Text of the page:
Will international travel resume this year? Treasury Secretary Mnuchin says it's 'too hard to tell'

U.S. Treasury Secretary Steve Mnuchin encouraged Americans to focus on domestic travel this year as the international travel outlook for the rest of 2020 remains uncertain amid the coronavirus pandemic. 

In response to a question from Maria Bartiromo on Fox Business News Monday about whether international travel will be opened up this year, he responded: “Too hard to tell at this point.”

The treasury secretary clarified that there may be some room for limited international travel: “Obviously, for business people that do need to travel, there will be travel on a limited basis.”

Travelers interested in going abroad currently don’t have many options given a slew of international travel restrictions, government travel warnings and limited international flights. In late March, the U.S. State Department issued its highest alert level for international travel, telling Americans to avoid all international travel, an advisory that remains in place.

The treasury secretary hailed domestic travel as a better option, though many states still have traveler restrictions in place. 

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Airlines around the world are parking planes at airports and storage facilities as the coronavirus pandemic to continues to decimate the industry. Scroll on to get an idea of just how many aircraft are being mothballed.


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Several dozen Delta Air Lines jets are parked at Kansas City International Airport. The airline began mothballing planes in early March, when it parked 300 planes and cut 40% of its capacity. At the time, it was the biggest cut in company history.


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As airlines cut more service, due to the COVID-19 pandemic, Pittsburgh International Airport has closed one of its four runways to store close to 100 planes.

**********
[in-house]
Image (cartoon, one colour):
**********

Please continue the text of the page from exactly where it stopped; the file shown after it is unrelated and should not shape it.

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More than 80 American Airlines jets were parked at Pittsburgh International Airport as of March 31.

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United has planes stashed at Orlando International Airport.


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Frontier and JetBlue have planes parked at Orlando International Airport as well.


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Southwest is storing aircraft at Southern California Logistics Airport in Victorville, California. The desert facility is about 90 miles northeast of Los Angeles.


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More aircraft are being stored at the Mojave Air & Space Port in Mojave, California.


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It’s the same story in Germany, where Lufthansa passenger planes are parked on a closed runway northwest of Frankfurt Airport, normally one of Europe’s busiest hubs.

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Planes belonging to Lufthansa’s low-cost subsidiary, Germanwings, are being stored at Munich’s Franz-Josef-Strauss Airport.

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A satellite image shows how another of Europe’s busiest airports, Charles de Gaulle in Paris, has become a parking lot for planes.